Venezuelan officials Monday said they could not confirm allegations that as many as 28 gold miners were killed in the country’s remote eastern jungles, even as the opposition accused the government of a cover up.
In a televised interview, Gov. Francisco Rangel Gómez of Bolivar state said the military and search parties had been in the mountainous area since Saturday but had not been able to confirm the reports.
“So far, there’s not any indication that someone has died,” he said. “I’m not saying no one died or that we won’t discover that someone died — that’s very different.”
Authorities are also working with family members of the missing, many of whom are from the community of Tumeremo, to try to pinpoint their location, Gómez said.
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People who claim they witnessed the attack told local media that they were confronted by a gang trying to take over the mine. They also said that law enforcement may have been involved.
Over the weekend, Rangel said that a “presumed” confrontation between gangs was being investigated.
Juan Jose Coello told the Associated Press that he last spoke with his son on Friday, shortly before he left for the mine.
“I’m not asking for justice. Right now, I’m just asking that they return the body of my son, so I can give him a Christian burial,” he told the agency.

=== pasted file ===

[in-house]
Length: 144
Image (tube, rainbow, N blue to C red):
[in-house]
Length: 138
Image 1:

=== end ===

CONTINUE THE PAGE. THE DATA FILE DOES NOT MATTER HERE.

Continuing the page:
Venezuela’s opposition has accused the government of trying to sweep the problem under the rug.
“The national government is always trying to deny things,” Miranda Gov. Henrique Capriles said in a statement. “They don’t want to acknowledge anything that’s happening.”
Henry Ramos Allup, the president of the National Assembly, went further.
“Unbelievable,” he wrote on Twitter. “Twenty-eight miners are assassinated by the armed forces in Tumeremo and Governor Rangel Gómez denies it.”
Venezuela’s cash-strapped government has been trying to exert more control over the mining sector. In December, President Nicolás Maduro passed a decree requiring gold miners to form private-public partnerships with the administration. To that effect, Rangel said authorities have been taking a census of the estimated 6,000 to 7,000 wildcat miners near Tumeremo.
As in neighboring Colombia, gangs and criminal groups have found a lucrative source of funding in illegal mining operations.
Last year, the governor of Venezuela’s Amazon state said Colombian guerrillas had taken over gold-mining operations there.
Americo De Grazia, an opposition legislator from Bolivar, said 17 of the 28 missing miners are from Tumeremo and its vicinity and that they range in age from 19 to 31.
He also said there had been more than two dozen mass killings in the state in recent years, but that many have gone unnoticed.
“The difference here is that we have grieving families,” he said in a statement. “What we cannot stand for today is the complicit silence of the country and we cannot be indifferent to the suffering of those fathers and mothers.”